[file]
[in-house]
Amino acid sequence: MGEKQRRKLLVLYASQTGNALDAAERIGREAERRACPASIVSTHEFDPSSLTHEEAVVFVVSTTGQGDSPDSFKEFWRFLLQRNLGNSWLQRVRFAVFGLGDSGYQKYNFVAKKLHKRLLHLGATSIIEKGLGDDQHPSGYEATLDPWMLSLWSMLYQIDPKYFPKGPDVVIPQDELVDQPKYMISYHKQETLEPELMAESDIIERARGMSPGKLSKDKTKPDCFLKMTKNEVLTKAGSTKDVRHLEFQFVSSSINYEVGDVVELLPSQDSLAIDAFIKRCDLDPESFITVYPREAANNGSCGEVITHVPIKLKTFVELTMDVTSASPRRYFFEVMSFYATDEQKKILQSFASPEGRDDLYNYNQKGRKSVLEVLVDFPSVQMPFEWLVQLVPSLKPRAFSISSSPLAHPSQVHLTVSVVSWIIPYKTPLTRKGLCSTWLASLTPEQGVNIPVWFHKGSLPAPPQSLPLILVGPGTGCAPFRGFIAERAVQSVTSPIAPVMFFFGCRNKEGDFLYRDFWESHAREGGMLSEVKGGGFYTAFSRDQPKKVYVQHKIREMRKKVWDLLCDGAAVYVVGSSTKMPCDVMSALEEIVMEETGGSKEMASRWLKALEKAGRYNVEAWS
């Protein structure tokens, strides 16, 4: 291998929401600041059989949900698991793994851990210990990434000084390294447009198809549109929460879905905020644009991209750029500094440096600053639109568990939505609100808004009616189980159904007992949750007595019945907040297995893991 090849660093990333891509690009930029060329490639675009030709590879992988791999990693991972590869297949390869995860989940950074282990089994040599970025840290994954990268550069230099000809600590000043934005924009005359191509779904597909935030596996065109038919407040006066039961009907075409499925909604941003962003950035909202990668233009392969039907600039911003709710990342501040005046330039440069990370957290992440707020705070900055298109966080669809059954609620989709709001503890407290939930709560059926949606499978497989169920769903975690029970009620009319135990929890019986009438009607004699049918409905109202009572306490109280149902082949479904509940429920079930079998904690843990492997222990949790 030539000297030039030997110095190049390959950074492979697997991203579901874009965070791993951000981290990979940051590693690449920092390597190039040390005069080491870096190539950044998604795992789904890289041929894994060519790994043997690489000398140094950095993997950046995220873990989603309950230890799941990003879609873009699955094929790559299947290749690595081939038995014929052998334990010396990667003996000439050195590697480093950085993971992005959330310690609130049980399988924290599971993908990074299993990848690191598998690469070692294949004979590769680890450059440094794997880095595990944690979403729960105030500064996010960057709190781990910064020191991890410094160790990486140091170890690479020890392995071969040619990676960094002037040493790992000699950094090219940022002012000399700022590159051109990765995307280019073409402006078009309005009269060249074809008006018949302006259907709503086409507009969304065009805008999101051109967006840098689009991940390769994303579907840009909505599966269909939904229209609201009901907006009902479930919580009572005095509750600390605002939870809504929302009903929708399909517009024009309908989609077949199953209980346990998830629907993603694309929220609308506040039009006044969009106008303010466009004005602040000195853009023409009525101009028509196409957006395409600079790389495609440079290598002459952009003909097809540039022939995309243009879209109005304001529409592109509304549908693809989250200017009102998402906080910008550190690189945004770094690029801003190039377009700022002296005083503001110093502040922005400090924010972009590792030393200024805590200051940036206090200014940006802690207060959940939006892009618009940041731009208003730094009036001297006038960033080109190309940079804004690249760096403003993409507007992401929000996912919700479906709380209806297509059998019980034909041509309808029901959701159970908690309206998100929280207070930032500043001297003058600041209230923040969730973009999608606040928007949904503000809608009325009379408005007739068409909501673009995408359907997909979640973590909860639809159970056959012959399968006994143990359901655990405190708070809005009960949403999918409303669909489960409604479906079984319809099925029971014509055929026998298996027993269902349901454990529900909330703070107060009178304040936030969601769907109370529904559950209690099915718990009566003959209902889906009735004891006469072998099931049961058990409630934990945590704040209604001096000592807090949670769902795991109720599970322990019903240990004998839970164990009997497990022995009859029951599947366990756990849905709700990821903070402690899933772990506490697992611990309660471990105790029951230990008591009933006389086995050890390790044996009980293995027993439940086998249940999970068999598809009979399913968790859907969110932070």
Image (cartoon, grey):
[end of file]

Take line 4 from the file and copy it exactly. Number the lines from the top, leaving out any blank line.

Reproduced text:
Image (cartoon, grey):